Way is all about puppetry, and if you're really expressive with your character, you can say quite a lot just by waving your arms around, shaking your head, etc. But I don't think Chris or I solve problems socially like that. When something didn't work, both of us would just sit back and stare off into the distance and think "what is the other person not understanding about what I'm doing, and what is the most effective way that I can purposefully animate my character to express that?" As a result, a lot of the time our characters just stood around on screen doing nothing. Other people found it hilarious and pretty painful to watch.

Chris Bell (the designer) ended up taking over Hecker's computer and started waiving his characters arms all around the place, shaking his characters head furiously whenever I did anything wrong, etc. and I could instantly understand what he wanted to say. Within about 30 seconds, the level was solved, and I felt incredibly stupid. But... that's the beauty of a good puzzle!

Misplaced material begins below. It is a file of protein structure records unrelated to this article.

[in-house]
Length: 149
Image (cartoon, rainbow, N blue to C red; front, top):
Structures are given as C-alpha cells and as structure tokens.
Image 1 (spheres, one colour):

This is a game that seems to demand more from the player than most. What should an Antichamber player gain from playing the game?

I wouldn't say that Antichamber is more demanding than other games. Often times the puzzles require you to do a lot less than puzzles in other games. They're just a very different kind of puzzle than what people are used to. People who are naturally really good at thinking outside the box end up blasting through the game relatively quickly, while people who are used to games that more directly tell them how everything works and expect them to just execute upon that knowledge are the ones that end up finding it more difficult. In any case, it's introducing some new concepts into games, and forcing players to think differently.